|US7516210 *||1 Aug 2003||7 Apr 2009||Mitel Networks Corporation||Role-based presence enabled service for communication system|
|US20020120714||26 Feb 2001||29 Aug 2002||Borislav Agapiev||Distributed-code, custom-generated dynamic internet inclusion agent|
|US20030101343 *||27 Nov 2001||29 May 2003||Eaton Eric Thomas||System for providing continuity between messaging clients and method therefor|
|US20030144894||12 Nov 2002||31 Jul 2003||Robertson James A.||System and method for creating and managing survivable, service hosting networks|
|US20040019465||12 May 2003||29 Jan 2004||Kerr James W.||Event router and method for handling events in distributing computing applications|
|US20040034807 *||14 Aug 2002||19 Feb 2004||Gnp Computers, Inc.||Roving servers in a clustered telecommunication distributed computer system|
|US20040122803||19 Dec 2002||24 Jun 2004||Dom Byron E.||Detect and qualify relationships between people and find the best path through the resulting social network|
|US20040186766||19 Mar 2003||23 Sep 2004||International Business Machines Corporation||Apparatus and method for marketing to instant messaging service users|
|US20040225897||7 May 2003||11 Nov 2004||Norton Derk D.||Client-server architecture incorporating secure tuple space|
|US20050102389 *||1 Aug 2003||12 May 2005||Mitsubishi Chemical Corporation||Role-based presence enabled service for communication system|
|US20050177385||26 Apr 2004||11 Aug 2005||Yahoo! Inc.||Method and system for customizing views of information associated with a social network user|
|US20060010237 *||10 Oct 2003||12 Jan 2006||Inria Institut National De Recherche En Informatique Et En Automatique||Device and method for managing data between communication facilities to obtain a mobile service|
|US20060031206||21 Apr 2005||9 Feb 2006||Christian Deubel||Searching for data objects|
|US20060218153||28 Mar 2006||28 Sep 2006||Voon George H H||Building social networks using shared content data relating to a common interest|
|US20060242256 *||21 Jun 2006||26 Oct 2006||Mitel Networks Corporation||Processing by use of synchronized tuple spaces and assertions|
|US20060271460||29 Sep 2005||30 Nov 2006||Ebay Inc.||Method and system to provide user created social networks in a distributed commerce system|
|US20070005654||22 May 2006||4 Jan 2007||Avichai Schachar||Systems and methods for analyzing relationships between entities|
|US20080009268||8 May 2006||10 Jan 2008||Jorey Ramer||Authorized mobile content search results|
|US20080010262 *||12 Jun 2007||10 Jan 2008||Metacarta, Inc.||System and methods for providing statstically interesting geographical information based on queries to a geographic search engine|
|US20080065685 *||19 Sep 2007||13 Mar 2008||Metacarta, Inc.||Systems and methods for presenting results of geographic text searches|
|US20080196087||12 Apr 2005||14 Aug 2008||Shirish Ranjit||Peer-to-Peer Distributed Computational System and Method|
|US20090063423 *||18 Jun 2008||5 Mar 2009||Jackson Bruce Kelly||User interfaces for service object located in a distributed system|
|US20090077480 *||18 Jun 2008||19 Mar 2009||Caunter Mark Leslie||Apparatus and method of managing electronic communities of users|
|US20090319385 *||18 Jun 2008||24 Dec 2009||Jackson Bruce Kelly||Monetizing and prioritizing results of a distributed search|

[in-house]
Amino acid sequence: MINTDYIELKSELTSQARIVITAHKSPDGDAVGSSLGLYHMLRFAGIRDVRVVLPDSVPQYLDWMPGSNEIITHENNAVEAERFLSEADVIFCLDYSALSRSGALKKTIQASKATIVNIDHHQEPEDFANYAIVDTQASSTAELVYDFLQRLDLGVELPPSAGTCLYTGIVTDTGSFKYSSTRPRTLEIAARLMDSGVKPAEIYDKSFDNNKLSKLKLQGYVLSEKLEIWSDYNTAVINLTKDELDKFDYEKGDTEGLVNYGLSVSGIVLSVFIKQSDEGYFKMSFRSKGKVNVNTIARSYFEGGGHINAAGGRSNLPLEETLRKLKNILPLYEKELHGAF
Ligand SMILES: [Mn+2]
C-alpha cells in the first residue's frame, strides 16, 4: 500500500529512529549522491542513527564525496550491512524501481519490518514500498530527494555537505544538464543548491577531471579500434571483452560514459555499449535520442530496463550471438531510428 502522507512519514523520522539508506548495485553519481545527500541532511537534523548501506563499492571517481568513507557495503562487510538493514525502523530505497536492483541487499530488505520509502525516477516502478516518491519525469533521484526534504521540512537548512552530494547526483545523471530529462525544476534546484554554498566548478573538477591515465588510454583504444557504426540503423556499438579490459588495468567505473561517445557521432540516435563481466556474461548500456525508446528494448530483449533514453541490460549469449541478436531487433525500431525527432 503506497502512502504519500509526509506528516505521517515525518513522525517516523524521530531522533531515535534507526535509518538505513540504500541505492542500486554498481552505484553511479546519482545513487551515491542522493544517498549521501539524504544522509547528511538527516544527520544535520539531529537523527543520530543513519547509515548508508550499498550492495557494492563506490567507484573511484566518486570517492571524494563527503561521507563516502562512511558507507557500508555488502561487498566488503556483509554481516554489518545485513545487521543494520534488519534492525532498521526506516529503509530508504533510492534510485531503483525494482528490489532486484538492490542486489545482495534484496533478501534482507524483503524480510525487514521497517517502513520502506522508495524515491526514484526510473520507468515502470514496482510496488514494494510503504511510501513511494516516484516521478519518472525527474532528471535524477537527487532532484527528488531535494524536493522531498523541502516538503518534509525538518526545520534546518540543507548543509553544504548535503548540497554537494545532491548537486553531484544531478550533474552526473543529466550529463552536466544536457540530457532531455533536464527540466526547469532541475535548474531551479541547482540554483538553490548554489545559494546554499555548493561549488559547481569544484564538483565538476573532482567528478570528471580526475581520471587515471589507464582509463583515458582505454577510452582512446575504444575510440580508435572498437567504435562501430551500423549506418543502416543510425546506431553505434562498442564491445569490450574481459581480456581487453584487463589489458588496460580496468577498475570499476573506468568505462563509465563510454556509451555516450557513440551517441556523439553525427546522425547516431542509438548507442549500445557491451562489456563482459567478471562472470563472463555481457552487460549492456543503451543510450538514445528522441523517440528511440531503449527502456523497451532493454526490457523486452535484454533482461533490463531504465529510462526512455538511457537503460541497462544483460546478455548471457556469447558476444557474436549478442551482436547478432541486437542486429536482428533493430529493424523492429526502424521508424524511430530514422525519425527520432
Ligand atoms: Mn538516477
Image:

|US20090319599 *||18 Jun 2008||24 Dec 2009||Caunter Mark Leslie||Remote selection and authorization of collected media transmission|
|US20090320097 *||18 Jun 2008||24 Dec 2009||Jackson Bruce Kelly||Method for carrying out a distributed search|
|EP1437656A2||29 Sep 2003||14 Jul 2004||Raytheon Company||System and method for distributed multimodal collaboration using a tuple-space|
|WO2003010689A1||19 Jul 2002||6 Feb 2003||Overture Services, Inc.||Improved system and method for influencing a position on a search result list generated by a computer network search engine|
|WO2006047879A1||4 Nov 2005||11 May 2006||Topeer Corporation||System and method for creating a secure trusted social network|
|WO2006066151A2||15 Dec 2005||22 Jun 2006||Applied Minds, Inc.||Data store with lock-free stateless paging capability|
|1||Citations Categories: X Mobile Commerce: Need to leave the country? Now you can do it faster . . . ; New travel deals search expands world of WAP M2 Presswire, Jun. 7, 2005, pp. 1-2, XP008096285 the whole document.|
|2||Gelernter David: "Generative communication in Linda" ACM Transactions on Programming Language and Systems, ACM, New York, NY, vol. 7, No. 1, Jan. 1, 1985, pp. 80-112, XP008089314 ISSN: 0164-0925.|
|3||Hyoguchi K: "Advertising strategies tap cell phones" Nikkei Weekly, Nihon Keizai Shimbun, JP, Oct. 6, 2003, pp. 1-3, XP008096219 ISSN: 0918-5348 the whole document.|
|4||International Search Report and Written Opinion-PCT/US09/47226, International Search Authority-European Patent Office-Mar. 8, 2010.|
|5||International Search Report and Written Opinion—PCT/US09/47226, International Search Authority—European Patent Office—Mar. 8, 2010.|
|6||Keith Edwards: "Core Jini"Core Jini, Prentice Hall PTR, Indianapolis, US, Jun. 1, 1999, XP002178476.|
|7||Lehman T J et al: "Hitting the distributed computing sweet spot with TSpaces" Computer Networks, Elsevier Science Publishers B.V., Amsterdam, NL, vol. 35, No. 4, Mar. 1, 2001, pp. 457-472, XP004304859 ISSN: 1389-1286.|
|8||Raverdy P et al: "Efficient Context-aware Service Discovery in Multi-Protocol Pervasive Environments"Mobile Data Management, 2006. MDM 2006. 7th International Conference O N Nara, Japan May 10-12, 2006, Piscataway, NJ, USA.IEEE, May 10, 2006, pp. 3-3, XP.|
|9||Wyckoff P et al: "T Spaces"IBM Systems Journal, IBM Corp. Armonk, New York, US, vol. 37, No. 3, Jan. 1, 1998, pp. 454-474, XP000783107ISSN: 0018-8670.|
|Citing Patent||Filing date||Publication date||Applicant||Title|
|US8930531 *||15 Nov 2011||6 Jan 2015||Qualcomm Incorporated||Persistent personal messaging in a distributed system|
|US20090063423 *||18 Jun 2008||5 Mar 2009||Jackson Bruce Kelly||User interfaces for service object located in a distributed system|
|US20090319385 *||18 Jun 2008||24 Dec 2009||Jackson Bruce Kelly||Monetizing and prioritizing results of a distributed search|
|US20090320097 *||18 Jun 2008||24 Dec 2009||Jackson Bruce Kelly||Method for carrying out a distributed search|
|US20120059900 *||15 Nov 2011||8 Mar 2012||Caunter Mark Leslie||Persistent personal messaging in a distributed system|
|Cooperative Classification||H04L12/581, H04L51/04|
|European Classification||H04L12/58B, H04L51/04|
|1 Dec 2008||AS||Assignment|
Owner name: QUALCOMM INCORPORATED, CALIFORNIA
Free format text: ASSIGNMENT OF ASSIGNORS INTEREST;ASSIGNORS:CAUNTER, MARK LESLIE;JACKSON, BRUCE KELLY;GEACH, STEVEN;REEL/FRAME:021908/0158
Effective date: 20081009
|24 Apr 2015||FPAY||Fee payment|
Year of fee payment: 4